CultureWatch: Jon Scieszka, the USA National Ambassador of Young People’s Literature writes in the LA Times, extolling the quality and success of modern comic books.
“Just looking at pictures” used to be considered cheating. No longer. The graphic novel is booming. Comics, heavily illustrated texts, books with no words are now accepted as reading. The ambassador approves. Graphic storytelling is a great way to help kids get started reading. It’s also a powerful artistic form in its own right.
Françoise Mouly and Art Spiegelman have started publishing high-quality comics for kids at Toon Books. “Jack and the Box” by Spiegelman, “Little Mouse Gets Ready” by Jeff Smith (see also: his amazing “Bone” series) and “Stinky” by Eleanor Davis are inspiring kids to become savvy visual readers.
First Second Books has also pushed kids’ literature into wonderful new graphic territory with everything from funny early readers like “Sardine in Outer Space,” written by Emmanuel Guibert and illustrated by Joann Sfar, to the graphic novel/photo journal of war-torn Afghanistan, “The Photographer” (photographs by Didier Lefèvre, written and drawn by Guibert).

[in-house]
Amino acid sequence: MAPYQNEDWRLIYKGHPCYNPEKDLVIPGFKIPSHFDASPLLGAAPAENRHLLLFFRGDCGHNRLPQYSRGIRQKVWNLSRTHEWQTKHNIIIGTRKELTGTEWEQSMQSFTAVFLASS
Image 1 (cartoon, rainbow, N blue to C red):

Shaun Tan’s wordless book “The Arrival” will take you places you’ve never been. David Small’s graphic memoir “Stitches” is one of the best books I read all year.
FootballWatch: Kemp Carr, football coach for Penns Grove High School has named his players after Marvel characters. NJ.com reports that;
From team leader Corey Ransome as Captain America to DaRon Mills’ Iron Man to Jay Brown’s Flash, the Red Devils rallied for a 14-12 win that shocked the South Jersey football world.
LocalWatch: Vince Thompson talks to his local Tribune paper about writing the Vinny & Bud graphic novel. He will be signing copies at Coles book store in Welland’s Seaway Mall tomorrow from 12 till 6.
Later, he drew comic strips that were seen by some tattoo artists at Niagara Falls’ Heads Tattoo Shop, who taught him to give his drawings more shade and dimension, and bring life to his characters. Thompson garnered a “cult following” after some young customers of the business began to take interest in his work. Armed with an appreciation of design and ideas, he took inspiration from the retro popular culture of 30 years ago to earn a wide fan base.